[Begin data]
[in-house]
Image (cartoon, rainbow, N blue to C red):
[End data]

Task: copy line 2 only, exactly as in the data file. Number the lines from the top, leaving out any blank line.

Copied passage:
Image (cartoon, rainbow, N blue to C red):